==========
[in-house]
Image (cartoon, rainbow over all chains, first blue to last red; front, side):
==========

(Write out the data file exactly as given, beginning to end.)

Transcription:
[in-house]
Image (cartoon, rainbow over all chains, first blue to last red; front, side):